Sunday, February 8, 2009

The Best of Times and Worst of Times in Rome

Everyone has a favorite city and Rome is high on my list. The sights are spectacular and numerous; the churches are magnificent; the cappuccino is delicious; and the Pope is here! Today, the piazza was packed for his Sunday Angelus. I would have to give the French the prize for the biggest cheering.

After the Angelus, I headed down to the tomb of Pope John Paul II. It keeps changing down there, each time I come. At first, you could take pictures and give the guards things to touch to the tomb. They started getting less willing to touch items to the tomb and added an overhead speaker system in many languages reminding you to be quiet. Ironically, it's the noise from the speaker that is the most distracting! Now they are not even allowing pictures to be taken. They do allow you to touch something to the floor just inside the rope but that's it. And yet, the crowds keep coming and coming and coming. Santo Subito!

I went to Mass inside St. Peter's Basilica at the Altar of St. Joseph. Headed out afterward to the shops along Borgo Pio. Not much tourist traffic at all. Just before 3 o'clock, I entered the Holy Spirit Church for the beautiful Divine Mercy chaplet conducted each day by the sisters who take care of this beautiful church. Many of the prayers are in Polish because of the connection to Saint Faustina Kowalska. But the majority of the prayers were in Italian. I have been to this service before but noticed a beautiful addition this year. At the end of the chaplet, one of the sisters came to the front of the church with a cross that contained a relic of St. Faustina. I happened to be kneeling on the floor just to the left of her and was moved to watch the crowd of hundreds come forward to venerate the relic.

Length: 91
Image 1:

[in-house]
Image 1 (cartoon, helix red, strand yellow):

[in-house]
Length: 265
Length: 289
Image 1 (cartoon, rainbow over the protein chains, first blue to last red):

As an American Catholic, it is so uplifting to participate in the traditions and devotions and services here in Rome. But, it is also a sad time in this country for those who respect the sanctity of human life at all stages.

Yesterday, death by starvation began for a beautiful woman named Eluana Englaro who fell into a coma in 1992 and is now considered to be in a "persistent vegetative state." Sadly, she is being denied basic nutrition at the request of her father. The debate taking place over here, amid various protests and stages of legal action, are hauntingly similar to those that occurred in the U.S. when we were forced to stand by and watch the euthanization of Terry Schiavo. The news last night was centered on every aspect of this story.

Just two weeks ago, I was in Washington, D.C., for the March for Life and spent some time talking with a group of Italians, "Voglio Vivere," who have been coming to the U.S. for several years now to stand up for life. The war being waged against the most vulnerable in our society, the unborn and the infirm, is a global war and we need to be united in prayer. Please pray for Eluana, for her father, for all those who are involved in this situation, and for a victory over the culture of death.

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